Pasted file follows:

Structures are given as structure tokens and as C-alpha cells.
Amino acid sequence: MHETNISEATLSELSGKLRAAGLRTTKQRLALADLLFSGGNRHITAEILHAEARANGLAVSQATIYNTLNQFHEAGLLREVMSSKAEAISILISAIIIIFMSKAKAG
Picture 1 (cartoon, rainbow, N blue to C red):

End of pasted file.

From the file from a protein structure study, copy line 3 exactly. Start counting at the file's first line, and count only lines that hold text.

Picture 1 (cartoon, rainbow, N blue to C red):